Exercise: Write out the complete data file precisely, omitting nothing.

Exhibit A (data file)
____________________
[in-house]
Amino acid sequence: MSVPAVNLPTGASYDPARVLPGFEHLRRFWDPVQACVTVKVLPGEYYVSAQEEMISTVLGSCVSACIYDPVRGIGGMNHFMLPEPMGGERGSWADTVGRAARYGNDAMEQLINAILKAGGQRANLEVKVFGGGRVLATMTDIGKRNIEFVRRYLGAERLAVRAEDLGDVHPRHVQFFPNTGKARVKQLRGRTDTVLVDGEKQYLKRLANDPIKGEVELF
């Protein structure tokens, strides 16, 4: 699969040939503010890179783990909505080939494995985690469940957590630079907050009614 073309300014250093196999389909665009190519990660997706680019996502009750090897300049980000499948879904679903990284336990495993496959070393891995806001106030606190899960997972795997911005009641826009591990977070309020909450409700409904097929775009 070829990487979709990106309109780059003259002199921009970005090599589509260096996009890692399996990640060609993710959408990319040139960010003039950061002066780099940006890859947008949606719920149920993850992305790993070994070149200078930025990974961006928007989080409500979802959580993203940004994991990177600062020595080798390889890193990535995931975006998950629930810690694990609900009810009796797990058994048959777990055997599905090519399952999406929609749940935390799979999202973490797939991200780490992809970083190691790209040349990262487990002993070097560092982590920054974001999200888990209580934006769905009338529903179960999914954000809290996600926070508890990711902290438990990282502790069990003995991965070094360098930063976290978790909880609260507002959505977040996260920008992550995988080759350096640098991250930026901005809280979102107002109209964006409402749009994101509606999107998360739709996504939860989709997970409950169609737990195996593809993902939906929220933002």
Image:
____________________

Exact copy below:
[in-house]
Amino acid sequence: MSVPAVNLPTGASYDPARVLPGFEHLRRFWDPVQACVTVKVLPGEYYVSAQEEMISTVLGSCVSACIYDPVRGIGGMNHFMLPEPMGGERGSWADTVGRAARYGNDAMEQLINAILKAGGQRANLEVKVFGGGRVLATMTDIGKRNIEFVRRYLGAERLAVRAEDLGDVHPRHVQFFPNTGKARVKQLRGRTDTVLVDGEKQYLKRLANDPIKGEVELF
């Protein structure tokens, strides 16, 4: 699969040939503010890179783990909505080939494995985690469940957590630079907050009614 073309300014250093196999389909665009190519990660997706680019996502009750090897300049980000499948879904679903990284336990495993496959070393891995806001106030606190899960997972795997911005009641826009591990977070309020909450409700409904097929775009 070829990487979709990106309109780059003259002199921009970005090599589509260096996009890692399996990640060609993710959408990319040139960010003039950061002066780099940006890859947008949606719920149920993850992305790993070994070149200078930025990974961006928007989080409500979802959580993203940004994991990177600062020595080798390889890193990535995931975006998950629930810690694990609900009810009796797990058994048959777990055997599905090519399952999406929609749940935390799979999202973490797939991200780490992809970083190691790209040349990262487990002993070097560092982590920054974001999200888990209580934006769905009338529903179960999914954000809290996600926070508890990711902290438990990282502790069990003995991965070094360098930063976290978790909880609260507002959505977040996260920008992550995988080759350096640098991250930026901005809280979102107002109209964006409402749009994101509606999107998360739709996504939860989709997970409950169609737990195996593809993902939906929220933002």
Image: